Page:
Veridiana ScarpelliReview articles, those scientific works that organize data from existing literature in a given area of knowledge, are not always written as carefully they should be to avoid citing papers that contain inaccurate data or about which there is a suspicion of misconduct. This is the conclusion of a study by researchers from Switzerland, France and Germany, published in the journal BMJ Open. They examined 118 review articles published in 2013 in four medical journals: Annals of Internal Medicine, The British Medical Journal, The Journal of the American Medical Association and The Lancet.
Researchers investigated whether the authors had followed six procedures that are important for preventing inclusion of erroneous or fraudulent data in review articles. They concluded that in only half the works did the authors employ three or more of those procedures that can help detect problems.
These procedures are the following: checking results of the cited papers against gross data from clinical tests; contacting the people responsible for the articles so as to obtain access to unpublished results; evaluating whether similar papers have been published about the same finding; verifying whether sponsors interfered with the articles; analyzing possible conflicts of interest; and checking whether the research projects described in the papers had been approved by ethics committees. In order to determine whether these recommendations were adopted, researchers analyzed the review articles with an eye towards the methods used and contacted the authors to ask additional questions.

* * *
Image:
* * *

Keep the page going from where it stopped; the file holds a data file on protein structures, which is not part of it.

The study observed that 11 of the 118 review articles had not taken any of the procedures into consideration. In 79 (66%) of them, their authors had searched through raw data; in 73 (62%) they had contacted the authors of the original papers; in 81 (69%) they looked for duplicate articles, but in only 5 (4%) had they examined conflicts of interest. It was also found that in only three review articles (2.5%) had the reviewed studies been approved by ethics committees.
The researchers reported that few authors of review articles had raised questions about signs of possible misconduct that they had noticed during their reviews of literature. Seven authors admitted that they had included in their review some papers on which suspicion had been raised, such as signs of plagiarism or manipulation of images, but only two had included a warning in their review articles. “When review authors suspect misconduct in some article, it seems as though they don’t know what to do with that information,” says Nadia Elia, a researcher at the University of Geneva, in Switzerland and principal author of the study, in speaking to the Retraction Watch site.Republish